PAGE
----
The new cycle sweeping through denim offers a welcome reprieve for an industry largely sidelined in the pandemic. After loungewear stole the spotlight during 2020, denim executives can hardly contain their glee at how jeans have reasserted their relevance to the consumer wardrobe. Relaxed-fit styles have seemingly supplanted the skinny, the Gen Z-canceled millennial ride-or-die. But as shoppers leap onto the loose-fit bandwagon and keep up with the celebrity-approved look, what this means for e-commerce returns—long a tough nut to crack—remains a question without clear answers.
In the wake of lengthy isolations and perhaps a few changes to their physiques, many consumers reengaging with workplaces, social activities and the world at large found their pre-pandemic wardrobes in need of a refresh. As the “most trusted item in your wardrobe,” jeans are “one of the first things you’re going to want to update,” said Don Howard, executive director of consulting services for Alvanon, the New York City fashion fit experts.
Stretch-less rude awakening?
But consumers accustomed to a bit of stretch baked into their bottoms might be in for a rude awakening with some of the newer, roomier denims. Levi’s popular, sold-out High Loose women’s jean blends 23 percent hemp with 77 percent cotton—and zero stretch. A similar Gap women’s style, the high-rise organic cotton ’90s loose jeans with Washwell, does one better, giving wearers just a hint of ease with 1 percent elastane. It’s a far cry from the stretch-heavy jeggings and skinny styles that became the de facto norm for more than a decade.
New material makeups could leave consumers questioning how less-forgiving fabrics might accommodate their measurements, which is why brands must be transparent about what shoppers should expect from these new products, according to Howard. “You just have to be very good at explaining to the customer what you’ve done, if in fact you have stopped using as much stretch,” he said. “There’s nothing worse than being surprised when you’re trying on your favorite jean and you want to go back and get another one in a different wash and it fits completely differently.”
Fashion-conscious young shoppers might be all in on the new blue wave, but some industry veterans challenge whether this loose-fit craze has the skinny’s enviable staying power. “Everyone’s talking about the looser fit, but those are trends that come and go,” said Tanya Zrebiec, vice president of innovation and strategy for A3Apparel and 1822 Denim, which runs a direct-to-consumer e-commerce site complementing its primarily wholesale jeanswear business.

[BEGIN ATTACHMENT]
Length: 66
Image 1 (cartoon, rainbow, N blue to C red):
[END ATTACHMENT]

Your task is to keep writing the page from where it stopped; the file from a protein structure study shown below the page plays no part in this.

Still, wholesale clients like Nordstrom have been inquiring about styles that break from the skinny mold, Zrebiec pointed out, illustrating the new cycle’s influence on fashion consumers eager to mirror the images dominating their social feeds. “Some customers are looking for a straighter leg, and some that are more on the Gen Z side might be looking for really baggy jeans,” she said, noting 1822’s 180 percent year-over-year growth since the pandemic’s March 2020 onset. And while interest in newer silhouettes is bubbling up through 1822’s wholesale and e-commerce channels, “I wouldn’t say it’s changing the game for us,” Zrebiec said, “but we are noticing some traction there.”
The remixed styles reshaping denim arrive as online shopping continues to command consumers’ attention, even if e-commerce’s growth streak is beginning to cool from its red-hot pandemic heights when social-distancing mandates kneecapped brick and mortar. Still, new styles plus less stretchy fabrics plus purchasing online from retailers with generous take-back policies might turn out to be a combustible combination for merchants already buried under a mountain of rejects that consumer “returned to sender.”
To Howard, a bad-fitting product is “almost unforgivable today,” meaning retailers face even higher stakes in ensuring they not just nail fit but also spell out what will await consumers dipping their toes into trend-led, loose-fit waters. “People just won’t put up with” a poor fit that misses the mark “because they’ve got too many choices,” he added, “so if that new trend in denim isn’t for you, I’m sure there’ll be other companies that will supply the one that you like.”
No size surprises